He included the local people calling them ‘dolphin mitra’ and also launched awareness campaigns among students of schools and colleges. Thanks to his sheer persistence, in the year 2009, the central government declared the Ganges River Dolphin as the National Aquatic Animal. In Jan 2016, recognizing his efforts and contribution towards conservation of the Gangetic dolphins, the central government honored him with the prestigious Padma Shri. Prof Sinha happens to be the first scientist from Bihar to be awarded the Padma Shri. 

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Prof. Sinha also claims to have come up with a substitute for dolphin oil—for the use of fishermen who use the oil to attract cat fish in net fishery. “What I can do is educate and convince them about the harmful fallout of killing them,” he says

The conservation of the dolphin has become his life’s passion. He has helped in establishing the Vikramshila Dolphin Sanctuary in Bhagalpur, the country’s only such controlled ecosystem. Prof. Sinha has also written scores of research papers and books on dolphins. This exhaustive work of his has earned him the prestigious ‘Order of the Golden Ark’ award of the Netherlands.

Today, Sinha is the member of the National Ganga River Basin Authority in India. He aims to set up Asia’s first Dolphin Research Centre in the Patna with sanctions from the state government necessary funds for this proposed Centre so that intensive research on this aquatic animal could be undertaken.

No wonder he is fondly referred to as the “Dolphin Man of India”.

Aarushi- The Book by Avirook Sen

Aarushi- The Book by Avirook Sen

I don’t want to call this a review. It is my experience, my thoughts on the book. It was no easy read. It was one of my toughest. Not because of the writing, but just the mere events…

They were the murders that gripped the nation. Eight years back Aarushi Talwar was found murdered in her bedroom in Noida. A day later the body of the prime suspect-the family servant Hemraj was discovered.  The case rocked the media, with practically every news channel lapping up every bit of information.  And with a press conference immediately following, that maligned the character of the young girl and the parents; all hell broke loose in the case. Over the next few years, the case went underway, with multiple twists and turns, eventually the Ghaziabad trial court convicting the parents of the crime. But are they really guilty or merely victims? Aarushi- the book is the account of this crime, by journalist turned author Avirook Sen. A sharp and detailed narration of the Noida double murder case.

Excerpt from the book

“When the astronaut Rakesh Sharma went to space in the early 1980s, the then prime minister, Indira Gandhi, asked him what India looked like from up there. Rakesh Sharma’s response was memorable: Saare jahan se achha (better than all the world). This book is about what it looks like from the ground.”

Right at the outset, Avirook maintains his stand. He didn’t know the Talwars. But after going through the case, having attended every trial session in the lower court, and covering the proceedings with due diligence, he is convinced that there has been a mis-carriage of justice. He considers them to be victims of a system- with premier investigating agencies in the country having botched up investigations. From the day the crime was discovered -16 May 2008, till the conviction in 2013, Avirook traces the important events and milestones, that leaves almost all intrigued.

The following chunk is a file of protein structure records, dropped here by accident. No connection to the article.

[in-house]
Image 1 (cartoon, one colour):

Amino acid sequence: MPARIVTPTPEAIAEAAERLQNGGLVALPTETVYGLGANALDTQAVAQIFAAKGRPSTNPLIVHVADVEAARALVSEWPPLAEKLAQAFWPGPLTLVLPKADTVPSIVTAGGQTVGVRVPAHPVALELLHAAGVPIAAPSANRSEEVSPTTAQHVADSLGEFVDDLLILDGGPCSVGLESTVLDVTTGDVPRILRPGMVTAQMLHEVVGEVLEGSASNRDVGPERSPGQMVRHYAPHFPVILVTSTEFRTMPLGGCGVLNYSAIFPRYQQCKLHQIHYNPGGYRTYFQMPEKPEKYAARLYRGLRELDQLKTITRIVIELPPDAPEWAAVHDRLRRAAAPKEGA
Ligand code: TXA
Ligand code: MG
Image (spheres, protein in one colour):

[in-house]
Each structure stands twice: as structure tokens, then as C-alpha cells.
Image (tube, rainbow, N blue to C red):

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The Investigation, The Trial and The Dasna Diaries

The book is divided into these three parts that constructs the case sequentially. The writing is simple and keeps you hooked. As a reader you do conjure up images of the entire crime scene and I did get a sense of witnessing it all first hand. Yes- that’s Avirook’s impeccable writing skill. He digs further and deep inside, bringing out minute details- the way our investigative agencies work, the forensic teams and the larger Central Bureau of Investigation (CBI).

Lines from the book: The CBI conducted a “scientific” test in Aarushi’s bedroom using Shalimar Superlac paint as blood, and when a judge asked if the paint had the same consistency as blood, a forensic ‘expert’ said, “Woh khoon jaisa tha” (“it was like blood”). 

Apparently Shalimar paint has none of the properties of blood, except probably the colour. Avirook uses court documents, eyewitness accounts, and in-depth insight into how exactly the Indian Judicial system works.

Key questions left unanswered?

Yes, Avirook does believe in the parents’ innocence and he brings this out with great conviction. As a reader when you do look at the case with an open mind, you cannot but agree that there have been shortcomings in the judgment, the investigations that have been botched up, prejudices/pre-judgment strewn in the trial process and justice has probably not been served. We hardly have a forensic team that is efficient. The competence of our premier investigation agencies is questionable and the media’s increasing propensity to play judge and jury.

  • Why did the key witnesses change their stance at court?
  • How could a verdict be written well before the defence could conclude its argument, a month prior to announcement of the sentence?
  • The crucial evidence of the pillow cover- tampering of the seal and was there really a typographical error?
  • And it left me with an unsettling question – “What if it had been my child?”